The Wallace Collection

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Wheel-lock pistol with ramrod
  • Wheel-lock pistol with ramrod
  • Attributed to Peter Daner (active between: 1583 - 1602) , (barrels)
  • Attributed to Gregor Birckholzer (active between: 1579 - 1616), (locks)
  • Nuremberg, Germany
  • c. 1570
  • Steel, gold and wood, etched and gilt
  • Length: 50.3 cm, overall
    Length: 31.5 cm, top barrel
    Length: 25.9 cm, bottom barrel
    Width: 1.1 cm, calibre
    Weight: 2.22 kg
  • Signature: Nuremberg guild mark, the mark of a snake and the initials 'P.D.'
    Stamp: The Nuremberg guild mark
    Maker's mark
    Stamp: '76'
  • A1168
  • European Armoury III
Images & Media
Further Reading
  • Double-barrelled wheel-lock pistol, one of a pair with A1169. The barrels are placed one above the other in what is known as the 'over and under' position, and joined together by brazing. The upper barrel is octagonal at the breech, the lower octagonal throughout its length. Both expand slightly at the muzzle. In order to accommodate the lock, the lower barrel is shortened at the breech end. The upper barrel is etched with strapwork and conventional foliage, the lower with a simple cable pattern, the ground granulated and formerly gilt. Both barrels are stamped at the breech with the Nuremberg guild mark, the mark of a snake and the initials P.D.

    Lock. There is a separate mechanism for each barrel mounted on a common lock-plate, that for the lower barrel being in front. Both are actuated by a single trigger, the two sears being connected by a sliding bar with a projection on its rear end to engage with the trigger. Initial pressure on the latter releases the forward mechanism, and further pressure the rearward. The wheels are externally mounted and held by ring-shaped bearing-plates. The arms of the cocks are of baluster shape. Lock-plate etched with scrolls and strapwork on granular ground, formerly gilt, and stamped with a maker's mark, the Nuremberg guild mark repeated, and the number 76. The safety-catch is missing.

    Stock entirely of steel with fish-tail butt. The surface is covered with etched ornament consisting of floral scrolls; on the left side are oval panels containing hares and hounds. The base of the butt is etched with a landsknecht holding a banner. The ground was formerly gilt, except in the panels, where it may have been blackened. Part of the grip immediately above the butt is round in section and free from circular holes, now filled with wooden plugs, have held studs to retain the binding. On the right side is stamped the number 76. Wooden ramrod, the tip missing.

    A1169 only differs from A1168 in certain minor details of the etched decoration. The ramrod retains its antler tip.

    German (Nuremberg), about 1570.

    The initials P.D. are ascribed by Støckel to Peter Dauer, and by Lenz to Peter Danner. They are commonly found on pistols with steel stocks.
    There are two single all-steel pistols with the same barrel mark in the Victoria and Albert Museum (nos. M 629-1927 and M 174-1928). Very similar pistols with the same mark are in the Musée de l' Armée (M 1634 and 1636). A pair is in the Armeria Reale at Turin (nos. N 47-8), and another pair in the Hermitage, Leningrad (Lenz, 1908, p. 260, N 41), also a wheel-lock rifle in the Tøjhus at Copenhagen (no. B 302). There was a pair of single-barrel, all-steel pistols, the barrels of which bore the same marks, in the collection of H. B. Keasbey (sold American Art Association, New York, 1924, lot 265), possibly the same as that exhibited by Mr. Litchfield at the Metropolitan Museum in 1931. An all-steel pistol with the same mark is in the collection of the late Sir Edward Barry, Bt. It also occurs on the barrel of a pistol formerly in the Stead Collection, Fitzwilliam Museum, Cambridge.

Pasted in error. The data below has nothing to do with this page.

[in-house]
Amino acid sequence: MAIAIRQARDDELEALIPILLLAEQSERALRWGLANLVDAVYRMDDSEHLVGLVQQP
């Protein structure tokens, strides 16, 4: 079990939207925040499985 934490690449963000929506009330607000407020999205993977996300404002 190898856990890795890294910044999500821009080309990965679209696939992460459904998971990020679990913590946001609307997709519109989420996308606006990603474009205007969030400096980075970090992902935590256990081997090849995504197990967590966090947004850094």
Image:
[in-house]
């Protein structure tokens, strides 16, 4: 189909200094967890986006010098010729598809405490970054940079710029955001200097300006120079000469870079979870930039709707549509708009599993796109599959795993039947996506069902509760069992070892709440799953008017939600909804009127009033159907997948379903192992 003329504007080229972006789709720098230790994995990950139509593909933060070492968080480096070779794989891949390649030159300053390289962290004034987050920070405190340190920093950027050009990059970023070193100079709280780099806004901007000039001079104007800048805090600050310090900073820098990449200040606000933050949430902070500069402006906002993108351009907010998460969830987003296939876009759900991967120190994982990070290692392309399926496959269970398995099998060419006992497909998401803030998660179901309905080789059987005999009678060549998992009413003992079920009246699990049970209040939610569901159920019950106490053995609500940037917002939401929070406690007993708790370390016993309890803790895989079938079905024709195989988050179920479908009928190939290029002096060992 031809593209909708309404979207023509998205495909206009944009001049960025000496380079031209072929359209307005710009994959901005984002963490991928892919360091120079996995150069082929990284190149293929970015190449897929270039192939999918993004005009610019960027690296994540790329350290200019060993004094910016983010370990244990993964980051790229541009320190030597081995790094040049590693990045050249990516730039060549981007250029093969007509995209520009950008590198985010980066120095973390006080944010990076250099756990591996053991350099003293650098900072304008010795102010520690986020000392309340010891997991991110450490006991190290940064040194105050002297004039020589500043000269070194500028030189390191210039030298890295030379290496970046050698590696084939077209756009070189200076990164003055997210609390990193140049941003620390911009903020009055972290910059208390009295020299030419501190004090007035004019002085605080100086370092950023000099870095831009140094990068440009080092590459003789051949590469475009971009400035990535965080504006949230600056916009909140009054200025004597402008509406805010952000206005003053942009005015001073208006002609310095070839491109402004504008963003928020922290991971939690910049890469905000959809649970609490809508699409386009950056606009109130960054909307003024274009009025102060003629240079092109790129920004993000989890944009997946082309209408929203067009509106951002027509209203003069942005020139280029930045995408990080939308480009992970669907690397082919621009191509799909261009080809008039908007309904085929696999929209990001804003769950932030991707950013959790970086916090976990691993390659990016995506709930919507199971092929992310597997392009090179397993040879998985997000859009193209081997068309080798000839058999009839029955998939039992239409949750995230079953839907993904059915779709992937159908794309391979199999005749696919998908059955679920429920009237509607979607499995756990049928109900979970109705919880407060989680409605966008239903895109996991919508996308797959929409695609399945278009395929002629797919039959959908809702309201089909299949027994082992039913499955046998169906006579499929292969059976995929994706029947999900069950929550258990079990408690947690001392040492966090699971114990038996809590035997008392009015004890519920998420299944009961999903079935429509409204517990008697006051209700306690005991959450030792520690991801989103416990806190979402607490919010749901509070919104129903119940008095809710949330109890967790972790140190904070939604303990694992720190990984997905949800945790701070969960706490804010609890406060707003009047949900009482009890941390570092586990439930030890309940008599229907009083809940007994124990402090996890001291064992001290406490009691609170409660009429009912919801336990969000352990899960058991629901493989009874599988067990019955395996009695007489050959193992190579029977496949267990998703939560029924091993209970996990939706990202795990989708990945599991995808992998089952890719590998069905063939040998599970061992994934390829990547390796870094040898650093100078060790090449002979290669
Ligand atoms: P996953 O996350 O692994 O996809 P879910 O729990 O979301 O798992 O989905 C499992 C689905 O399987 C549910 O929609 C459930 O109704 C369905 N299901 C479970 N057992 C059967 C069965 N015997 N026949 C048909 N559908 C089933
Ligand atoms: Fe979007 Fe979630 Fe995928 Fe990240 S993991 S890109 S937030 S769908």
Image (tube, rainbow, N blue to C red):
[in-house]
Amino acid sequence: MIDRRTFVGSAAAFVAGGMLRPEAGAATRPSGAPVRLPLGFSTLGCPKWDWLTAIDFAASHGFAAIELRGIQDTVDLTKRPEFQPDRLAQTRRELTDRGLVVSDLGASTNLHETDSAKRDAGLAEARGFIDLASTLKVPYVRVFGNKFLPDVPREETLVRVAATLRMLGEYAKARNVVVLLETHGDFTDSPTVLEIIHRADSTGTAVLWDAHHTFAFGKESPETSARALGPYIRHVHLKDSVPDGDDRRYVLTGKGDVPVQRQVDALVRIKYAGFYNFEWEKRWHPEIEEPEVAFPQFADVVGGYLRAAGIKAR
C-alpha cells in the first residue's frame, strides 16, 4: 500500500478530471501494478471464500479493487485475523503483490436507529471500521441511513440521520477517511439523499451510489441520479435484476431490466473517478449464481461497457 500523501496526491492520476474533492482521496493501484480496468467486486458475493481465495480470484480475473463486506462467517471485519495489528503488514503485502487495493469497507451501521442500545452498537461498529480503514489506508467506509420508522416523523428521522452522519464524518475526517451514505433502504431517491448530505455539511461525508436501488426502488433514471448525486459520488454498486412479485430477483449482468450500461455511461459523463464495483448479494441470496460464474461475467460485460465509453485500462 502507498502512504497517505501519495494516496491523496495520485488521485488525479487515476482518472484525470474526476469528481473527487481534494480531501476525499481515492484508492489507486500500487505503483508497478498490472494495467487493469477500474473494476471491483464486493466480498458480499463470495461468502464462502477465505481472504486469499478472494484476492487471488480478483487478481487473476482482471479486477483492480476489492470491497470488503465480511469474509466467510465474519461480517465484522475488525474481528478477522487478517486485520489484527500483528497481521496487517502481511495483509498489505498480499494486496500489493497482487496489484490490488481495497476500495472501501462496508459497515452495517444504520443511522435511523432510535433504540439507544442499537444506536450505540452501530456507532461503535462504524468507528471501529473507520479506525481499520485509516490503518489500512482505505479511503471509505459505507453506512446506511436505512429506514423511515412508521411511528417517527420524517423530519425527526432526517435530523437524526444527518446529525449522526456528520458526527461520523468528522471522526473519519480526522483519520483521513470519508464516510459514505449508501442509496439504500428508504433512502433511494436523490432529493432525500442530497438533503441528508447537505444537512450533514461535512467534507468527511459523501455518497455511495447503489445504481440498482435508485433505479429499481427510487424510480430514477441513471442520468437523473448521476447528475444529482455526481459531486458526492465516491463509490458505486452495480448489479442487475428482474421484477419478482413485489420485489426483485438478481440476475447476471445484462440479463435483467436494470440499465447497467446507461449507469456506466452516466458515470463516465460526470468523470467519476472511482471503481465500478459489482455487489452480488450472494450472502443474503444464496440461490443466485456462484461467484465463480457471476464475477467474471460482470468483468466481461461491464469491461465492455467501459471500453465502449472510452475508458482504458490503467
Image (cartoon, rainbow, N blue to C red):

The mark of a snake is also found with the initials H.D. at Stockholm, nos. 297, 399 (pistols) and 531 (hunting compass, dated 1601, ascribed to Hans Ducker?), and with W.D. (Dresden, no. 171) and see also A1151.
    Provenance: F. Spitzer exhibited a pair of comparable pistols in the Musée Rétrospectif, 1865, no. 2001. The mark on the barrel is probably N. Støckel, I, p. 267, no. a 7298, attributed to Peter Daner, recorded from 1583, died 1602. The attribution in Støckel of the mark on the barrel to Peter Dauer instead of Daner or Danner was presumably due to a misprint. For the work of Daner see Blair, Waddesdon cat., 1974, sub no. 121. He was first recorded in Nuremberg in 1583, when he was ordered to difference his mark from that used by the widow of his brother Hans by adding to it his initials. Peter and Hans may have been the sons of Wolf Danner (died 1552), who had used the mark of a snake flanked by his initials. The pistol from the Barry collection was sold at Sotheby's, 5 July 1965, lot 86, repr. in cat. The Stead pistol; formerly on loan to the Fitwilliam Museum, was sold at Sotheby's, 4 December 1947, lot 44, bought by R. Bartel, presumably for W. R. Hearst (R. Chrichton, letter of 4 January 1983). See also Schedelmann, 1972, p. 29, with a long list of marked pieces.

    The mark on the lock is N. Støckel, I, p. 103, no. b 2552, attributed to Gregor Birckholzer (or Birckholtz), recorded 1579-1616. He was a maker of gun-locks and a locksmith from Arnswalde (today Choszczno) in Poland. He was in, Nuremberg in 1579, when he married the daughter of the gunmaker Hans Possenhammer. He had two sons who were also gunmakers, Christoph and Hans Gregor. A very similar pistol with the same mark on the lock is in the Odescalchi collection, Rome (inv. no. 1517; Carpegna, 1975, no. 3, referring to yet another comparable pistol in Budapest).